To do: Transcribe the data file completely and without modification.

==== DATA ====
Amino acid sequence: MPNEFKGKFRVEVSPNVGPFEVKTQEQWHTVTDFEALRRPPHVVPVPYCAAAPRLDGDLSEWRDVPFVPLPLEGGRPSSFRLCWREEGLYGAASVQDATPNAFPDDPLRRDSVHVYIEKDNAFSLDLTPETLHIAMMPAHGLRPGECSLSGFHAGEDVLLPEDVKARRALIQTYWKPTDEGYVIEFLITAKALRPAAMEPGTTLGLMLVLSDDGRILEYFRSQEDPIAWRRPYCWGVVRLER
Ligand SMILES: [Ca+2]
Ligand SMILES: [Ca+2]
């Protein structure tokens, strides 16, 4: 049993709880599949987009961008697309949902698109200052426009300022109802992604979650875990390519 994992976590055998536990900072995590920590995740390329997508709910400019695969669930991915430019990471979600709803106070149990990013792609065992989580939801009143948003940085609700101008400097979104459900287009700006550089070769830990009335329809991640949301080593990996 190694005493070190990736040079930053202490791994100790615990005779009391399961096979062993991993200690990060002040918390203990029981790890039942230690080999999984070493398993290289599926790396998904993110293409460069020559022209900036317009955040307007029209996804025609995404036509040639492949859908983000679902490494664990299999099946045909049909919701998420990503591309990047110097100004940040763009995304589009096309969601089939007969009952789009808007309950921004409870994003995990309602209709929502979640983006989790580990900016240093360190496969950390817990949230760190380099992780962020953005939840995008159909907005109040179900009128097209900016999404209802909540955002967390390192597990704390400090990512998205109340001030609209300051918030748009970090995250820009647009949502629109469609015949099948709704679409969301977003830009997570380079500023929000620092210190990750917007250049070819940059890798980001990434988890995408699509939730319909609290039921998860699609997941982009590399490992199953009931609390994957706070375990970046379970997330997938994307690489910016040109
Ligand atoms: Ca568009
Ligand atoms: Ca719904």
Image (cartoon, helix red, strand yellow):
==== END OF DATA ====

Amino acid sequence: MPNEFKGKFRVEVSPNVGPFEVKTQEQWHTVTDFEALRRPPHVVPVPYCAAAPRLDGDLSEWRDVPFVPLPLEGGRPSSFRLCWREEGLYGAASVQDATPNAFPDDPLRRDSVHVYIEKDNAFSLDLTPETLHIAMMPAHGLRPGECSLSGFHAGEDVLLPEDVKARRALIQTYWKPTDEGYVIEFLITAKALRPAAMEPGTTLGLMLVLSDDGRILEYFRSQEDPIAWRRPYCWGVVRLER
Ligand SMILES: [Ca+2]
Ligand SMILES: [Ca+2]
């Protein structure tokens, strides 16, 4: 049993709880599949987009961008697309949902698109200052426009300022109802992604979650875990390519 994992976590055998536990900072995590920590995740390329997508709910400019695969669930991915430019990471979600709803106070149990990013792609065992989580939801009143948003940085609700101008400097979104459900287009700006550089070769830990009335329809991640949301080593990996 190694005493070190990736040079930053202490791994100790615990005779009391399961096979062993991993200690990060002040918390203990029981790890039942230690080999999984070493398993290289599926790396998904993110293409460069020559022209900036317009955040307007029209996804025609995404036509040639492949859908983000679902490494664990299999099946045909049909919701998420990503591309990047110097100004940040763009995304589009096309969601089939007969009952789009808007309950921004409870994003995990309602209709929502979640983006989790580990900016240093360190496969950390817990949230760190380099992780962020953005939840995008159909907005109040179900009128097209900016999404209802909540955002967390390192597990704390400090990512998205109340001030609209300051918030748009970090995250820009647009949502629109469609015949099948709704679409969301977003830009997570380079500023929000620092210190990750917007250049070819940059890798980001990434988890995408699509939730319909609290039921998860699609997941982009590399490992199953009931609390994957706070375990970046379970997330997938994307690489910016040109
Ligand atoms: Ca568009
Ligand atoms: Ca719904």
Image (cartoon, helix red, strand yellow):